Penn Researchers Describe Newly Discovered Colossal Dinosaur
January 30, 2014

Penn Researchers Describe Newly Discovered Colossal Dinosaur

Lee Rannals for - Your Universe Online

University of Pennsylvania paleontologists, publishing a paper in the journal PLOS ONE, say a new dinosaur discovered in northwestern China is colossal.

The team said the new species is a plant-eating sauropod named Yongjinglong datangi that roamed the earth more than 100 million years ago during the Early Cretaceous period. The fossils discovered belonged to a juvenile, roughly 50 to 60 feet long. The species is believed to belong to a group known as Titanosauria and anatomical evidence shows that adult members of Yongjinglong may grow larger than the fossils found in China.

The findings clarify relationships among several sauropod species that have been discovered around China over the last few decades. Yongjinglong’s features suggest that it is among the most evolutionary advanced of the Titanosaurs discovered from Asia.

The latest discovery was made in the southeastern Lanzhou-Minhe Basin of China's Gansu Province. Two other Titanosaurs from the same period were found in the last decade in a valley not far away from the latest discovery.

"As recently as 1997 only a handful of dinosaurs were known from Gansu," Prof Peter Dodson, from the University of Pennsylvania, said in a statement. "Now it's one of the leading areas of China. This dinosaur is one more of the treasures of Gansu."

When the paleontologists began studying the fossils, they saw that its bones bore some resemblance to another Titanosaur discovered in China in 1929, but there were a few unique characteristics that made it stand out.

"The shoulder blade was very long, nearly 2 meters (6 feet) with sides that were nearly parallel, unlike many other Titanosaurs whose scapulae bow outward," Liguo Li, a doctoral student at the University of Pennsylvania, said in a statement.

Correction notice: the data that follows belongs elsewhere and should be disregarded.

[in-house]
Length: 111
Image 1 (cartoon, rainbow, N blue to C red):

The team said the scapula was so long that it did not look like it fit in the animal’s body cavity if placed in a horizontal or vertical orientation. They believe the bone must have been orientated at an angle of 50 degrees from the horizontal.

An unfused portion of the shoulder blade indicated to the team that the animal was a juvenile or subadult. This means that a full-grown adult might be much larger than 50 to 60 feet long.

Finding Yongjinglong allows scientists to see where this dinosaur sits on the family tree of sauropods. The team compared the characteristics of Yongjinglong with other specimens found in China, Africa, South America and the US.

"We used standard paleontological techniques to compare it with phylogenies based on other specimens," Dodson said. "It is definitely much more derived than Euhelopus and shows close similarities to derived species from South America."

The team said that this finding adds weight to the argument that sauropods were a dominant group in the Early Cretaceous period.

"Based on U.S. fossils, it was once thought that sauropods dominated herbivorous dinosaur fauna during the Jurassic but became almost extinct during the Cretaceous," Dodson said. "We now realize that, in other parts of the world, particularly in South America and Asia, sauropod dinosaurs continued to flourish in the Cretaceous, so the thought that they were minor components is no longer a tenable view."


Image Below: A team led by University of Pennsylvania paleontologists has characterized a new dinosaur based on fossil remains found in northwestern China. The species, a plant-eating sauropod named Yongjinglong datangi, roamed during the Early Cretaceous period, more than 100 million years ago. Credit: University of Pennsylvania